In 1975, I decided to develop a flea market on the property of my childhood home. And who better to run it than my Mother!

Shortly thereafter, Mother became the comptroller in my businesses. And, what a blessing! She not only did her job as comptroller, she did whatever needed doing - often things I was not even thinking about. Among other things, she ran food concessions at my auctions, stayed up late at night addressing mailers, managing the on site office…..whatever and whenever!!! THAT was Mother!! Mother has always been an integral part of my life; and I am grateful that I was blessed to have her as my mom. She was insightful, intelligent, a wise teacher, and I learned a tremendous amount from her counsel.

Mother loved the mountains of North Carolina. I often drove Mother to the mountains where she would spend the summers in a cabin in Etowah. If I got sleepy on the drive, she would take over. One time, when I awoke, she was driving about 90mph! I exclaimed, “Where’s the fire, Mother!?” She said, “I’m just trying to get to the mountains as quick as I can!”

In 2003, my mother was diagnosed with lymphoma and the doctors gave her only a few years to live. She did the typical chemo treatments, but after a grueling few months, she decided to stop them. Because they made her so sick, she decided that it was better to feel okay the last few years of her life -instead of sick with chemo. After she stopped chemo, she lived for a decade and until the end, she felt fairly well! She felt so well, in fact, that she was able travel to her beloved North Carolina for the summers.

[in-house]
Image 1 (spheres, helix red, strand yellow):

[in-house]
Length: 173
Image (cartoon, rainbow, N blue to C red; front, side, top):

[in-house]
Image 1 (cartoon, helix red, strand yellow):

During one of these trips four years ago, I purchased and installed a full size carousel at my market in Asheville. After learning what I was about to do, mother said she’d like to be the first rider. And I made sure she was! Once installed, I was delighted beyond measure that my then 91 year old mother jumped aboard, sat in one of the sleighs and invited me to join her on the maiden round. She loved it and I just wish she was still here on planet earth so I could take her for another round on the carousel.

Even at the end, she was teaching me great lessons. As she lay in her hospital bed, the doctor came in and asked, “Miss Sylvia, How do you feel?” Her answer: “With my fingers!” She was laughing at the end….all the way to heaven.

I miss you dearly Mema! YOU were THE BEST and always will be!! I LOVE YOU and ALWAYS WILL!